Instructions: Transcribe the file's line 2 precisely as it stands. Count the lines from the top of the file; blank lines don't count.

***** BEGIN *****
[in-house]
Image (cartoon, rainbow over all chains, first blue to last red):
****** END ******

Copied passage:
Image (cartoon, rainbow over all chains, first blue to last red):